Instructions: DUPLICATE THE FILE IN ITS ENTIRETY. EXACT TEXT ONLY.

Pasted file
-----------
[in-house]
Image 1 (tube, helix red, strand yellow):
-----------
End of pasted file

[in-house]
Image 1 (tube, helix red, strand yellow):